Barcelona has been hard-hit by the pandemic, in terms of both health and the economy. But this impact hasn’t been evenly distributed across the city: the poorest residents of Barcelona have been hardest hit by the coronavirus. The city’s response to the COVID-19 has focused on ameliorating these class, gender and racial inequalities, with the city doubling spending on social services since March and announcing a €90 million emergency fund to deal with the social and economic impact of the pandemic. Of course, all of this socially oriented municipal action comes at a cost. Barcelona is facing a €300 million budget deficit, due to falling tax revenues and increased social spending in the wake of the pandemic.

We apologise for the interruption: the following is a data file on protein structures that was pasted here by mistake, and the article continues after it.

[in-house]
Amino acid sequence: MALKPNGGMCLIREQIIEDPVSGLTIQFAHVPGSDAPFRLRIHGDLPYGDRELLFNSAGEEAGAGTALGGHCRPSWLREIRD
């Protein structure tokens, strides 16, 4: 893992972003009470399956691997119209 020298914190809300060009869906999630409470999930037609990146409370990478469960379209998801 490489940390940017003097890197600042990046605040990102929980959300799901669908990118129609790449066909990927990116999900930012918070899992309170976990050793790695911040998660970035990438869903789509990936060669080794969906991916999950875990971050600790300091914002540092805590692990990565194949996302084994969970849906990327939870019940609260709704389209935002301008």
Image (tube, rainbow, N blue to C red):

For too long, local governments in Spain have been patronised and undermined by arrogant central governments of all colours. Yet, historically, municipalities have been at the vanguard of driving social, economic and cultural progress in the country. If the corrent coalition government between the Socialist Party and Podemos is to survive and thrive, it must recognise municipalities as an indispensable ally in the construction of a post-COVID Spain, and finance them accordingly.
Photo: Annie Spratt